Let’s talk about a blind spot in many people’s retirement planning–covering the potential catastrophic needs that you have. I want to mention two areas today. 

One is if one spouse significantly outlives the other. What is the impact on income?

Where are you getting your retirement income from, the guaranteed sources? Not the withdrawals from savings, because the withdrawals from savings in your income plan are going to continue as part of your plan when one spouse dies. But what’s the impact of your guaranteed income? Is there a survivorship on your pension, and if so, what is it?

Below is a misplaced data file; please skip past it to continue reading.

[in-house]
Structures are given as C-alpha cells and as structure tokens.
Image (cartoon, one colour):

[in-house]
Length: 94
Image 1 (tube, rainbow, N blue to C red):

There’s also the impact on Social Security. We know that the lower Social Security benefit is going to go away. The surviving spouse is going to get the higher benefit, but the lower one is going to go away. Typically, the income needs are going to go down 20-25 percent, but what if your income is going to go down 40-50 percent? What is the impact on that surviving spouse?

The other issue is the long-term healthcare issue. If you’re 60 years-old, there’s a 70 percent likelihood you’re going to need long-term healthcare, which means if you’re a married couple in your 60s, you have a 50-50 likelihood that you’re both going to need long-term healthcare. Long-term healthcare is 90 or more days of custodial care, which isn’t covered by Medicare. 

These are critical potential insurance needs you may have in your plan that have been overlooked.